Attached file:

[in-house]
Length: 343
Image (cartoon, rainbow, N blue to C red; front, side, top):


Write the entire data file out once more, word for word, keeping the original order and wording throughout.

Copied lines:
[in-house]
Length: 343
Image (cartoon, rainbow, N blue to C red; front, side, top):